CLL-1 & CD3
In immunology, the CD3 (cluster of differentiation 3) T-cell co-receptor is a protein complex and is composed of four distinct chains. In mammals, the complex contains a CD3γ chain, a CD3δ chain, and two CD3ε chains. These chains associate with a molecule known as the T-cell receptor (TCR) and the ζ-chain to generate an activation signal in T lymphocytes. The TCR, ζ-chain, and CD3 molecules together comprise the TCR complex.
This gene encodes a member of the C-type lectin/C-type lectin-like domain (CTL/CTLD) superfamily. Members of this family share a common protein fold and have diverse functions, such as cell adhesion, cell-cell signaling, glycoprotein turnover, and roles in inflammation and immune response. The protein encoded by this gene is a negative regulator of granulocyte and monocyte function. Several alternatively spliced transcript variants of this gene have been described, but the full-length nature of some of these variants has not been determined. This gene is closely linked to other CTL/CTLD superfamily members in the natural killer gene complex region on chromosome 12p13.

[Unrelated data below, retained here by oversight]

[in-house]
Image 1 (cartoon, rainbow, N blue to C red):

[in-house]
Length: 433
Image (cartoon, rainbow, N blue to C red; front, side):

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For Research Use Only. Not For Clinical Use.